The one thing you know about the Bengals new starting quarterback is that Ryan Finley may be categorized as a rookie on the roster, but this thing isn't too big for him.
"I feel like I got good experience in the preseason," Finley said as the cameras streamed him as the starter for the first time after Wednesday's practice. "Obviously it's a lot different. But those are some good plays that I can fall back on in my mind. I've got confidence in myself. I think I'm going to play well."
Don't look at Wednesday's practice. Don't look at the pre-season tape, where he had a 99 passer rating paired with a 73.4 completion percentage, second best in the NFL among passers with at least 64 passes. Just check out his first foray into media responsibilities as delivered in a crash course at his locker by 25-year veteran P.J. Combs, the team's director of media relations.
Finley briskly checked the boxes in his head and moved on as if Nov. 10 at Paul Brown Stadium is just another day at the office instead of his first NFL start against the hottest quarterback this side of Tom Brady in the Ravens' Lamar Jackson. If you're looking for contrasts, you just had to watch the media interactions of Finley and Andy Dalton. Both are intense with Finley cool and Andy Dalton 98.6.
But then, that's one of the things that drew them to Finley during the draft as they sought a backup to Dalton. There's an edge you don't see in many of these young guys. A.J. Green sees it.
"I love Ryan, man. Ryan is a competitor. He wants to win. He has that edge," Green said after Wednesday's practice. "He has that leadership. It's going to be a little different for him now. He's young, so he doesn't really understand the business side of this. So it's probably a little awkward with him and Andy because him and Andy has a great relationship, but at the end of the day it's a business and you have to take your emotion out of it sometime and just focus on the business part."
Finley's pre-draft visit to PBS is now part of Bengaldom lore because of how North Carolina State's most accurate passer ever won them over with a braniac grease board session. And the fact he brought 46 games in college, 39 as the starter for the Wolfpack.
"He's very intelligent. He's played a ton of football," said offensive coordinator Brian Callahan. "It's not a new thing for him. He's played 50 games (with those four pre-season games) and those things help. He's got a lot of playing experience. He gets a chance to step in and drive the car a little bit."
And if he gets out of it unscathed with a few fast, winning laps, he just may get the keys for good. Finley gets it. He's been watching. He knows the deal. They've got the fourth fewest points in the league. They're next to last scoring red-zone touchdowns. They've allowed the second most sacks.
"I hope to bring energy, bring some juice," Finley said. "Do my best to be good in the pocket. Get the ball out on time. Extend plays. We've struggled a little bit into the red zone. Just hoping to find some ways to get some points."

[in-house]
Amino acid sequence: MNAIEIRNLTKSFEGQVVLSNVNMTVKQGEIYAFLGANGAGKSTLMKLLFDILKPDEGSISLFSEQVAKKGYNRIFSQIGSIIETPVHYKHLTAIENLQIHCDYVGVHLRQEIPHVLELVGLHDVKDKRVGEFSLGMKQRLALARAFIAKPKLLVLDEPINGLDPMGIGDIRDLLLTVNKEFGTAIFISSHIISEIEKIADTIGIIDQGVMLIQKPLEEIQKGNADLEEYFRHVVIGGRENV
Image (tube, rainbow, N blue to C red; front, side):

The Bengals like the 6-5 Finley's feel in the pocket and that could be a strength as the offensive line continues to work through personnel shifts. (Update: right guard Alex Redmond is probably out, but John Miller is expected back after out the last two games. Andre Smith figures to be back at left tackle after missing the last three.) Taylor talks about how effective Finley is working his way back up into the pocket and stepping up and Callahan likes the way he can complete balls with different arm angles.
"He moves well in the pocket. He moves well as a runner," Callahan said. "He can run well. He can throw from different arm angles. He's got a unique talent and his skill set is he's accurate and throws the ball well. We're hoping to find a way to score more points, at the end of the day. Whatever that means for us."
It means they need Finley to extend some of those plays in the red zone and step up against the rushes the only way NFL defenses can blitz a rookie. And he's the kind of the guy that can pull it down and run for 50 yards on the day, too. Although he came into the league hyped as one of the smarter rookies, he believes his biggest improvement has been learning the game from watching Dalton and listening to long-time NFL quarterbacks coach Alex Van Pelt.
"Sitting in that room with Alex and Andy, they know a lot of ball," Finley said. "They've each played for a long time in the NFL. Alex has obviously coached for a long time. Just kind of (improving) my football intelligence. Andy, he's just extremely positive. He has a really good ability to kind of forget about the last play and move on. You can never count him out. That's kind of what I learned from him."
Green gets a kick out of it.
"Even ahead of time Ryan is calling out plays, like 'What you got? What you got?' I'm like, 'Ryan, I don't really know what I got right now. I wasn't out there,'" Green said. "But he's going through the whole thing. It's fun just being on the sideline with him and building that connection."
But the biggest thing he took from Dalton came in a text after the call was made.
"I look up to Andy more than people will know," Finley said. "He's a really good dude. He's a class act and he's special to me. I look up to him a ton. I can't imagine how hard this is for him. He texted me and said he has my back. That meant a lot to me."